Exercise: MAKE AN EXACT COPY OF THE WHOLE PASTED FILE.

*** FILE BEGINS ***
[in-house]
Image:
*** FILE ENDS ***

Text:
[in-house]
Image: